Wednesday 25th. Set out at 4 ’Oclock for Cambden (the foundered horse being led slowly on). Breakfasted at an indifferent house 22 miles from the town (the first we came to) and reached Cambden about two oclock, 14 miles further where an address was recd. & answered. Dined late with a number of Gentlemen & Ladies at a public dinner. The Road from Columbia to Cambden, excepting a mile or two at each place, goes over the most miserable pine barren I ever saw, being quite a white sand, & very hilly. On the Wateree with in a mile & half of which the town stands the lands are very good—the culture Corn Tobacco & Indigo. Vessels carrying 50 or 60 Hhds. of Tobo. come up to the Ferry at this place at which there is a Tobacco Warehouse.
An address from the citizens of Columbia, Granby, and vicinity, bearing today’s date, was presented to GW before he left town by Alexander Gillon (1741–1794), a wealthy merchant and early revolutionary leader who had been embroiled in much controversy as a commodore in the South Carolina navy during the war. Gillon was one of the original commissioners of Columbia, a member of the General Assembly 1783–91, and a member of the United States Congress 1793–94. The address and a copy of GW’s reply are in DLC:GW.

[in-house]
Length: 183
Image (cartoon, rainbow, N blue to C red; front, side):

The welcoming address from the citizens of Camden and vicinity apparently was presented to GW by the town’s intendant and patriarch, Col. Joseph Kershaw (c.1723–1791), a militia veteran of the Revolution. The address and a copy of GW’s reply are in DLC:GW.
GW, according to local tradition, lodged in Camden at the house of Adam Fowler Brisbane (1754–1797), a Lancaster County justice, and the public dinner was probably at the house of Col. John Chesnut (1743–1813), a veteran of the South Carolina line and prominent indigo planter, who discussed agriculture at some length with GW during his stay in town. A month later GW sent Chesnut a drill plow from Mount Vernon to try in sowing indigo seed (GW to Chesnut, 26 June 1791, anonymous donor). At the dinner GW “was introduced to the ladies individually. The ladies rose after the 2d or 3d toast, and the President sat till near twelve o’clock” (Md. Journal [Baltimore], 17 June 1791). In all there were 17 toasts, including 2 given after GW retired for the night (KIRKLAND AND KENNEDY description begins Thomas J. Kirkland and Robert M. Kennedy. Historic Camden: Part One, Colonial and Revolutionary. Columbia, S.C., 1905. description ends , 307–12, 351–52; REYNOLDS AND FAUNT description begins Emily Bellinger Reynolds and Joan Reynolds Faunt. Biographical Directory of the Senate of the State of South Carolina, 1776–1964. Columbia, S.C., 1964. description ends , 186, 196–97, 251).